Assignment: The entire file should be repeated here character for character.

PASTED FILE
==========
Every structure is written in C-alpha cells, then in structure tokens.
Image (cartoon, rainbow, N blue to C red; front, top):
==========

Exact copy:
Every structure is written in C-alpha cells, then in structure tokens.
Image (cartoon, rainbow, N blue to C red; front, top):